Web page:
High Voltage and X-Ray Experiments

  Text and Graphics Copyright © 2005 − 2008 Henning Umland

The following descriptions are given for the purpose of information only. I do not encourage ANYBODY to conduct experiments like those shown below, and I do not assume liability for any damage resulting from such experiments. People working with high voltage and X-rays should have a solid background in physics and electronics and should know what they are doing. The high voltage sources described here are much more powerful than generators of static electricity like, e. g., influence machines or Van de Graaff generators. High voltage can kill instantly, X-rays in the long run (radiation sickness, cancer) if not handled properly.

First Experiments

This is a summary of a few initial experiments I made after I acquired the necessary HV components (in no particular order). I had made HV experiments before, but those were mostly related to static electricity (Van de Graaff generators, etc.) and other smaller equipment (oil burner ignition transformers, microwave oven transformers and rectifiers).

The following picture shows a time exposure of an arc discharge. Attached to the transformer is a so-called Jacob's Ladder, an arrangement of two horn-shaped wire electrodes. The distance between the electrodes is about 1.5 cm (0.6") at the bottom and 10 cm (4") at the top. Arcing starts at the bottom. Since the density of the plasma in the discharge path is much lower than that of the surrounding air (high temperature!), the arc creates an upward draft and starts climbing between the electrodes immediately after ignition. As the arc rises, it becomes stretched to a point where the discharge suddenly stops. The maximum length of the arc in the photo is approximately 30 cm (1 ft). Jacob's Ladders are used as transient voltage suppressors. The gap between the electrodes has to be adjusted so as to avoid arcing during normal service. When a transient voltage occurs, it triggers a self-extinguishing arc discharge acting as a temporary load and protecting other parts from excessive voltage. Usually, a Jacob's Ladder is used in series with a current limiting resistor to prevent the transformer from overloading. This is because the plasma of the arc has a very low resistance and would almost act like a short-circuit.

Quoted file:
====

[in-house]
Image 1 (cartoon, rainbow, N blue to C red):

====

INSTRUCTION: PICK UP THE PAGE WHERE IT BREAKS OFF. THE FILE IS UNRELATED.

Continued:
Arc Discharge

Arc Discharge at 13 kV RMS (Time Exposure)

The next photo shows a "quick and dirty" set-up of a 2½-stage Cockroft-Walton multiplier (quintupler) designed for a maximum output of 100 kV DC. This is about the maximum voltage that can be handled with such a simple arrangement, because corona discharges are a serious problem. I actually drove it to 105 kV once in order to test the components, but usually I do not go beyond 90 kV. To avoid discharges to ground, the device was put on a sheet of polystyrene resting on plastic cups. The circuit makes buzzing and crackling noises and produces a strong ozone smell. The surrounding air gets so charged up with ions, that I observe a burning sensation on my nose resulting from many small sparks jumping over from the metal rim of my glasses to my skin. Wearing sports shoes with rubber soles, I become charged up myself by the myriads of ions flying around and get a harmless but nasty shock everytime I touch some metal object in the room. On the left side of the picture is an array of heavy duty wire resistors. In addition, each capacitor is in series with a resistor. In case of a spark discharge, the resistors limit the pulse current to about 800 mA. Otherwise, a peak current of several kA would occur, blowing the precious rectifiers apart.


Makeshift Multiplier

Here is the circuit diagram:


100 kV Multiplier Circuit, C1 = 100 nF / 20 kV, C2...C5 = 22 nF / 40 kV, R1...R5 = 5.6 k, R6 = 120 k (10 X 12 k / 10W)

This is not a very good design. With an odd multiplication factor (and number of diodes), the full DC load current flows through the secondary coil of the transformer. This may cause core saturation at higher loads. To avoid this, a Cockroft-Walton multiplier should always have an even multiplication factor (doubler, quadrupler, hexupler, octupler, etc.). With such a design, the transformer is coupled to the circuit through a capacitor which keeps any DC current away from the transformer coil (see my later multipliers).